Faith Fighter, a Mortal Kombat-style fighting game featuring deities like Jesus, Buddha and Ganesha has been pulled by Italian developer Molleindustria following a protest by the Organization of the Islamic Conference.
The controversy started following a report by Metro.co.uk which called the game “deeply offensive and provocative,” particularly to Muslims, whose religion prohibits images of the Prophet Muhammad. “This game is going out of its way to upset people and I think it should be taken off the internet,” said Link Church Pastor Douglas Miller. “Playing violent video games will ultimately affect your behavior and this game is deeply offensive and provocative.”
There’s only one small problem: Faith Fighter was released well over a year ago and had cruised under mainstream radar until the Metro report broke. In fact, Molleindustria claimed that prior to the article the company had received only two letters of complaint about the game, from Catholic gamers. Faith Fighter is firmly tongue-in-cheek, opening with a message urging players to “reflect on how the religions and sacred representations are often instrumentally used to fuel or justify conflicts between nations and people.” The character of Muhammad can even be censored to avoid depicting his face and thus causing offense.
Nonetheless, the Saudi-based Organization of the Islamic Conference accused the game of promoting “intolerance” and called for its removal. “When his attention was brought to an internet report posted by Metro.co.uk on an online game depicting holy figures such as Prophet Jesus and Prophet Muhammad (PBUT) fighting each other to the death, a spokesman of the OIC Islamophobia Observatory in Jeddah today expressed his concern stating that the computer game was incendiary in its content and offensive to Muslims and Christians,” the OIC said in a statement. “He said that the game would serve no other purpose than to incite intolerance. He called on the Internet service providers who are hosting the game to take immediate action by withdrawing it from the web.”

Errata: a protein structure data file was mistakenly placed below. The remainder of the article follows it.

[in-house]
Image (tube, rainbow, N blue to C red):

“We suspect that people at OIC never played the game and only referred to the article on Metro UK that successfully manufactured this controversy,” Molleindustria said on its website. “This phenomenon is related to the still marginal role of the medium: Commentators feel authorized to judge a game without playing it and just conforming to the common narrative depicting video game as violence generators (a narrative we tried to make fun of promoting Faith Fighter as a cathartic tool for religious hate).”
Faith Fighter was removed from the Molleindustria website as a result of the OIC complaint but the company noted that doing so was a “symbolic act,” since the game has been out long enough that it’s easily available elsewhere. “Hopefully this will help people to make their judgments by examining the actual work and not the sensationalist accounts spread by mass media,” the studio said.